With the NBA trade deadline fast approaching, the Cleveland Cavaliers have approximately one week to trade center Andre Drummond. There have been plenty of teams with rumored interest, including the Boston Celtics, who are in the midst of an extremely disappointing, treading water as the sixth seed at 20-19, just a game-and-a-half from being out of the playoffs. Does Drummond make sense for Boston, and what would a potential trade package look like?

Robert Williams, Tristan Thompson, and Daniel Theis are the Celtics’ big men at the moment. None of them stand over 6-8, and none are averaging over 9.4 points or 8.4 rebounds per game. Boston needs a spark, and perhaps that could be Drummond. Or not, but a motivated Drummond playing smart basketball and not being force-fed the ball on offense, leading to terrible shot selection can be an effective contributor to a team that was supposed to be an NBA Finals contender.

Let’s address the two elephants in the room first. Drummond’s $28.7 million salary this season makes any potential deal rather difficult because there really aren’t a lot of bad contracts out there currently. Drummond also does not carry much trade value in a vacuum, so if the Cavs can get literally anything for him, that should be considered a win for them. Other teams know this, so they won’t be willing to part with much.

Next, we’ll lay out the untouchable players for Boston. None of Kemba Walker, Jaylen Brown, Marcus Smart, Jayson Tatum, Thompson, Romeo Langford, Aaron Nesmith, Grant Williams, Payton Pritchard, Semi Ojeleye, and Carsen Edwards are all probably considered off-limits, and this makes a trade practically impossible. Drummond’s salary almost fits into the $28.5 million Gordon Hayward trade exception, but not quite. This leaves no feasible way to match salary without Boston giving up one of its higher-paid, and therefore better, players. Using the TradeNBA.com trade machine, this is the best offer that Boston can make that actually works:

Does this help either team in any way? Aside from bringing Thompson home and adding another young guard, it doesn’t do much for the Cavs.  But at the very least, Langford could be flipped for something else. He didn’t play much as a rookie and wasn’t very good when he did see the floor. He has yet to play in 2020-2021 due to his presence within the league’s mysterious health and safety protocols. Bringing Thompson back as frontcourt depth isn’t a bad idea, and the team would certainly like to have him in the locker room once again,

For the Celtics, this makes very little sense. They lose their backup point guard and three rotational frontcourt members to bring in Drummond for the stretch run. Would he have a larger impact than the combination of Thompson, Ojeleye, and Theis? His ceiling is certainly higher than those three combined, but his floor is much lower. There is a ton of inherent volatility with Drummond, as Cavs fans are well aware. He’s a very inconsistent player, with great highs are ugly lows. Is he a player that can function as a fifth scoring option, with the majority of his touches coming on rebounds? Perhaps he could. But he’s never played in that role; he’s always been an offensive centerpiece that piles up volume stats. He’s never been a terribly efficient scorer and was shooting a career-worst 47% from the field before being shut down.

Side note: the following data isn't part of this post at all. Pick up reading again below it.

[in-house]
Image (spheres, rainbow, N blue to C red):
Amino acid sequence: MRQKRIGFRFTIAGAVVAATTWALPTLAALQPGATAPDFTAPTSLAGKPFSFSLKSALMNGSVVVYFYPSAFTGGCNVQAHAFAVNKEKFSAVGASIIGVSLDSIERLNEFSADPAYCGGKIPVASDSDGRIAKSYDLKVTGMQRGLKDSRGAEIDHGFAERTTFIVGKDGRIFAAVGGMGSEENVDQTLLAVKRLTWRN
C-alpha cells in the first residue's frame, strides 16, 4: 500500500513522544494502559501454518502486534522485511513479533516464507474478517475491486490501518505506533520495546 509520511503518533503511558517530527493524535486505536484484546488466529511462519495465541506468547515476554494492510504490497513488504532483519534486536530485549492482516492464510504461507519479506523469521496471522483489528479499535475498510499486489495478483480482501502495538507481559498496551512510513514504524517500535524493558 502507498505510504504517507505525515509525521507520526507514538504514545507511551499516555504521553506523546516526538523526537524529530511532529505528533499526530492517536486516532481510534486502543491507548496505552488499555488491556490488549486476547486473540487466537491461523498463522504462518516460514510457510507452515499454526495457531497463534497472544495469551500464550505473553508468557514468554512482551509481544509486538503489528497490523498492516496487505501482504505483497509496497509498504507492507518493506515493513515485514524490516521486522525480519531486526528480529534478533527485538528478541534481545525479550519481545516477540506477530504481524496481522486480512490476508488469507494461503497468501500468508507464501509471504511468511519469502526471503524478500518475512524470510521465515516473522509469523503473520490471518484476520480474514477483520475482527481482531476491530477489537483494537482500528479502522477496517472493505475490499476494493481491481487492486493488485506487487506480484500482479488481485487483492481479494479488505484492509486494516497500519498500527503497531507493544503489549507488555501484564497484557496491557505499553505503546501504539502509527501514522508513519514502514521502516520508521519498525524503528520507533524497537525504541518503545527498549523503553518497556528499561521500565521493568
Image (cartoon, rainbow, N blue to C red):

If the Celtics were desperate enough, maybe they would make a last-ditch deal like this. There aren’t a ton of teams equipped to deal with a throwback big like Drummond; the Brooklyn Nets lack size, for instance. Coincidentally enough, Drummond’s three most efficient games this season came against the Milwaukee Bucks, Brooklyn, and the Philadelphia 76ers; the top three seeds in the Eastern Conference. Perhaps he could replicate those performances against one of those teams a few times during a seven-game series, especially with better talent around him.

The deal doesn’t really help Cleveland, but it’s not like Drummond is helping the team right now, and if he held any sort of significant trade value, he would have already been moved. He hasn’t played in more than a month, and if he isn’t moved by the deadline, he’ll almost certainly be bought out. If that happens, the Celtics would be able to make a run at signing him, but would of course need to contend with other teams for Drummond’s services. Would they be willing to make an offer like this in order to bypass the free-agent courtship and risk losing out on him? Only time will tell.